4 of 4 people found the following review helpful
Somewhat misleading title to a great book,
This review is from: The Church of Dead Girls: A Novel (Mass Market Paperback)
By the mere title alone it would seem that this book is just another unimaginative, psycho/slasher thriller. Dobyns however takes an ordinary "search for the missing girls" type story and turns it into a revealing and somewhat dark look at human nature.
When young girls begin disappearing from a small, upstate New York town the residents become overwhelmed with the urgency to catch the culprit before he/she strikes again. Narrated by a local biology teacher, the story weaves a finger-pointing tale of how in the hysteria of a crisis, people throw all rational and lucid thoughts aside. Mere suspicion eventually overrides facts and everyone at one point or another becomes suspect. It shows how people need to have a scapegoat in which to focus their own uncertainties. Houari Chihani first becomes this scapegoat when he acquires a postion as a history teacher at the local college. Some of his students form a small club and begin learning Marxism and other ways of thinking about society. Because this rationale is so different from the town's way of thinking they quickly become suspects to the disappearances. However, as time goes on everyone's past actions and acquaintances come into play no matter how trivial they may seem.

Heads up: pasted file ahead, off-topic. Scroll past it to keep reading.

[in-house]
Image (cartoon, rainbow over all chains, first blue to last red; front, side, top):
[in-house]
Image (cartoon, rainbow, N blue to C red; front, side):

I didn't find this book to be a thriller in the sense of being overly scary or gory but more along the lines of a very good suspense novel. Dobyns intricately weaves the storyline between characters and events so well that at times you wonder how he can make the connections in a reasonable way but he does.
If you've ever lived in Small Town, USA you will notice how the gossip that is generated soon takes on a life of its own. To quote Dobyns, "And once that sort of talk begins, truth or falsehood means nothing. Talk has its own momentum."